AAI senior fellows are active participants and shapers of our intellectual programming and in some cases teach in our summer seminars.
Prof. Sarah byers
Sarah Byers is an associate professor of Augustine and Ancient Greek Philosophy at Boston College. She received her PH.D in Philosophy from the University of Toronto. Her research interests include Augustine, Hellenistic philosophy, the History of ethics, the History of metaphysics (especially ancient and medieval).
Dr. Thomas ByrnE
Thomas Byrne is a neurologist in Boston, Massachusetts and is affiliated with Massachusetts General Hospital. He received his medical degree from Rutgers New Jersey Medical School and has been in practice for more than 20 years. He is Professor of Neurology at Harvard Medical School and a very active member of the AAI community.
William English, Ph.D.
William (Bill) English is Assistant Professor of the McDonough School of Business at Georgetown University. His research interests include ethical persuasion, institutional corruption, experimental social science, and the biological foundations of social behavior. He is currently studying the architecture of public trust and the varieties of corruption in political institutions.
Bill was the first director of the Abigail Adams Institute.
Prof. Maura Jane Farrelly
Maura Jane Farrelly is associate professor and chair of American Studies at Brandeis University, where she also directs the Journalism Program. She holds a Ph.D. in History from Emory University, with an emphasis on religion and the colonial and early-American periods.
Farrelly is the author of Papist Patriots: The Making of an American Catholic Identity (Oxford University Press, 2012) and Anti-Catholicism in America, 1620-1860 (Cambridge University Press, 2017). Her current research project is entitled Compliments of Hamilton and Sargent: A Story of Mystery and Tragedy and the Closing of the American Frontier. It uses the lives of three people in Wyoming at the turn of the 20th century to explore a topic that touches the lives of many Americans today -- the right to be forgotten.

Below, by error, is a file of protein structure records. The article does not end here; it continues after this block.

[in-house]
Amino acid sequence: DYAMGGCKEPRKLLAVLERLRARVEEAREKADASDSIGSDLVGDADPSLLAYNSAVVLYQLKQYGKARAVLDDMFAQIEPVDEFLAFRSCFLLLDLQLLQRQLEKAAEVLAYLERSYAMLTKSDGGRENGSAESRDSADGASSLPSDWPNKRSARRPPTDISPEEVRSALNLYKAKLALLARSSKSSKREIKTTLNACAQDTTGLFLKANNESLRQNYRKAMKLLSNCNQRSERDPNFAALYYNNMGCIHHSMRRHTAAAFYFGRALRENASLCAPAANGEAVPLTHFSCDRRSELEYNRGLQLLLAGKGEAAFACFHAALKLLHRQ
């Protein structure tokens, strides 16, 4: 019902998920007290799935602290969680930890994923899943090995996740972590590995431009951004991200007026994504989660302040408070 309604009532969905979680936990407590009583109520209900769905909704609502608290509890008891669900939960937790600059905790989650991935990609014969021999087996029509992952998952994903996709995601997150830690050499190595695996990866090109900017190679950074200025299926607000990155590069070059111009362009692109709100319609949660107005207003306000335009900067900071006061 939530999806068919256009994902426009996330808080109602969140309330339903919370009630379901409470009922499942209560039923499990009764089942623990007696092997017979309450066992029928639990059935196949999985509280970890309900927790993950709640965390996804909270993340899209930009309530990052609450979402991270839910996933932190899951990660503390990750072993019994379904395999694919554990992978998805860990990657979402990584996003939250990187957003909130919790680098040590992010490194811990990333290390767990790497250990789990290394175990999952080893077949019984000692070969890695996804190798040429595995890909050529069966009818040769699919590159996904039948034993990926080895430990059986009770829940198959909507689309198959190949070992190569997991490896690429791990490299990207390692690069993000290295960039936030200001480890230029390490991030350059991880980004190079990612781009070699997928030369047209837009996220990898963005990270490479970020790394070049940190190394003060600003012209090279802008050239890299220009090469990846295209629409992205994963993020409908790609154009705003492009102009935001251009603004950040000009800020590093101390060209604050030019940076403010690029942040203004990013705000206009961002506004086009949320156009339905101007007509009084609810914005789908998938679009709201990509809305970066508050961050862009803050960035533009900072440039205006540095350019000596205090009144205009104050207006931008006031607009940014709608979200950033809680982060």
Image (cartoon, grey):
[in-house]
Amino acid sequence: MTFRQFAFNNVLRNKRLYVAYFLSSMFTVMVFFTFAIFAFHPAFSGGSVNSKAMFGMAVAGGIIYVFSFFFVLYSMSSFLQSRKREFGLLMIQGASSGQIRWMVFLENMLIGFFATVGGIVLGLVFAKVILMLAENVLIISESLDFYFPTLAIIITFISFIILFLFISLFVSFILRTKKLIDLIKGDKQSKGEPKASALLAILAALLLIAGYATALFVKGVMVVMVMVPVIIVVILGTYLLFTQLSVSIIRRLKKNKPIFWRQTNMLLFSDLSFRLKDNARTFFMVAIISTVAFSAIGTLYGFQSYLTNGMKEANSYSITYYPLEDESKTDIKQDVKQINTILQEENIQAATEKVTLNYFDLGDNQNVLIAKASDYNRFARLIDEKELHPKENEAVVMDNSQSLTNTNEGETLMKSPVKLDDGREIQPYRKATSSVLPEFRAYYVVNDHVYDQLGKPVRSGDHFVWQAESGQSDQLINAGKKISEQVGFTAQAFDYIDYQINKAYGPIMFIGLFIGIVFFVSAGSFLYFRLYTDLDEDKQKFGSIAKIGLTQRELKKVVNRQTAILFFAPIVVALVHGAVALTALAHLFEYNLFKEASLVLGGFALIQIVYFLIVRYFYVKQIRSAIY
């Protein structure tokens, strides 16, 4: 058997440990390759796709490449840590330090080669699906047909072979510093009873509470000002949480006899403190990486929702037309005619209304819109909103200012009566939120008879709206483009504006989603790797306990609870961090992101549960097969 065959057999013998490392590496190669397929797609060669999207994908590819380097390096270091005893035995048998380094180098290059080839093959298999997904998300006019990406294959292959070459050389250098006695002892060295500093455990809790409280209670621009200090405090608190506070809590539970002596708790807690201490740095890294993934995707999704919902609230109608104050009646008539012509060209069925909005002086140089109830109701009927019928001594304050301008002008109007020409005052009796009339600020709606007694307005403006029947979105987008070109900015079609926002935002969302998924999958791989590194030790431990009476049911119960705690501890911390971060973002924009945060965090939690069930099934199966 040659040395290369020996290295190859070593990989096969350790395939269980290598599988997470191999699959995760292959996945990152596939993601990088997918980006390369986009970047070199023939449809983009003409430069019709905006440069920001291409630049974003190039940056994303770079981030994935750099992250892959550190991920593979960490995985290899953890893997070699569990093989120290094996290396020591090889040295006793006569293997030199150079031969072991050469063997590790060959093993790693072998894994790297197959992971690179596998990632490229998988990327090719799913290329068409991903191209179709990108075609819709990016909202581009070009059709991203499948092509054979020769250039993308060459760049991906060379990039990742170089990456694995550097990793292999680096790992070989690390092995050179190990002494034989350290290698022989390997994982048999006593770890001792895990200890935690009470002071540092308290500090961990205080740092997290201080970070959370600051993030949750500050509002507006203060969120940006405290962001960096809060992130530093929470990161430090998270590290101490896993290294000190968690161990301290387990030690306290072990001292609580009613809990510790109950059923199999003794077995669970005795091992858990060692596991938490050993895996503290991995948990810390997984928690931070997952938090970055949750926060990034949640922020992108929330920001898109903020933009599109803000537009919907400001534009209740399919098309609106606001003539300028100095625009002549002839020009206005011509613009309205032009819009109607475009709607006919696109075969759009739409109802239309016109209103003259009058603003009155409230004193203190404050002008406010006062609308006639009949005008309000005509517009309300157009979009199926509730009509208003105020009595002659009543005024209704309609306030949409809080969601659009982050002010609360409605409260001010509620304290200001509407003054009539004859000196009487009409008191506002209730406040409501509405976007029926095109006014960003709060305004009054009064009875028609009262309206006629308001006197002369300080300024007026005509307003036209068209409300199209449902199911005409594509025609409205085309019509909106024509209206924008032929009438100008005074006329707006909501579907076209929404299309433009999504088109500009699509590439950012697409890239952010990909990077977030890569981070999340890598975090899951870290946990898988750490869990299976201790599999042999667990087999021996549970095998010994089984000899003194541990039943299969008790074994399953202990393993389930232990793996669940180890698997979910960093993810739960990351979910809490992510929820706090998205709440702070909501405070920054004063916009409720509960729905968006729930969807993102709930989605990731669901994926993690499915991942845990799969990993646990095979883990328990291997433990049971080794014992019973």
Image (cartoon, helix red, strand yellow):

Before joining the faculty at Brandeis, Farrelly worked as a full-time reporter, first for Georgia Public Radio in Atlanta and then for the Voice of America in Washington, D.C., and New York. Farrelly has also freelanced for National Public Radio, Public Radio International and the British Broadcasting Corporation.
Her scholarly publications have focused on Catholicism and Methodism in the 18th and 19th centuries. Specific issues of interest have included the role of religion in the shaping of American identity, the relationship between religious asceticism and American understandings of freedom, and the origins and development of religious "relativism" in America.
Dr. Angela Franks
Angela Franks, Ph.D., is a theologian, speaker, writer, and mother of six. She serves as Professor of Theology at the Theological Institute for the New Evangelization at St. John's Seminary in Boston.
Her areas of specialty include the theology of the body, the New Evangelization, the Trinity, Christology, and the thought of John Paul II and Hans Urs von Balthasar.
She teaches the Institute's new Mini-Course: Introduction to Christianity.
Prof. Jeffrey Hanson
Jeffrey Hanson received his Ph.D. from Fordham University in 2005. He was an adjunct assistant professor of philosophy at Boston College from 2005 to 2010. From 2010 to 2015 he was a research fellow at Australian Catholic University in Melbourne. He remains an honorary fellow of their Institute for Religion and Critical Inquiry.
He is the editor of Kierkegaard as Phenomenologist: An Experiment (Northwestern University Press) and co-editor with Michael R. Kelly of Michel Henry: The Affects of Thought (Bloomsbury). His first monograph, Kierkegaard and the Life of Faith: The Aesthetic, the Ethical, and the Religious in "Fear and Trembling" was published by Indiana University Press in 2017. Dr. Hanson’s research focuses on issues in philosophy of religion, phenomenology, aesthetics, and ethics.
Dr. Danilo Petranovich
Dr. Petranovich is the Director of the Abigail Adams Institute in Cambridge, Massachusetts. His scholarly expertise is in nineteenth century European and American political thought. He taught courses in political theory, social thought, and the humanities at Duke and at Yale and is currently writing a book (under contract with Yale University Press) about the three-decade duel between Lincoln and Stephen Douglas, which resulted, he argues, in a fundamental transformation of American nationhood.
Prof. Francesco Piatti
Francesco "Chip" Piatti has over twenty-six years teaching at the Boston Architectural College and has an intimate knowledge of the convergence of architecture and history. Prior to his appointment at BAC, he also taught at Curry College, Fisher College and Bunker Hill Community College. Apart from the areas of history and architecture Prof. Piatti is also regarded as an expert in theatrical arts, having taught courses in the same at both Curry and Fisher College.
Prof. Piatti is the Institute's senior adviser on visual arts programming.
Tyler J. VanderWeele, Ph.D.
Tyler VanderWeele, is Professor of Epidemiology in the Departments of Epidemiology and Biostatistics at the Harvard T.H. Chan School of Public Health, Co-Director of the Initiative on Health, Religion and Spirituality, faculty affiliate of the Harvard Institute for Quantitative Social Science, and Director of the Program on Integrative Knowledge and Human Flourishing at Harvard University.